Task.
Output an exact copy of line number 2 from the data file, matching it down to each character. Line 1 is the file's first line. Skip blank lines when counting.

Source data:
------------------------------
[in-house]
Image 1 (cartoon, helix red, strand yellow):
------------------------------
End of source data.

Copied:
Image 1 (cartoon, helix red, strand yellow):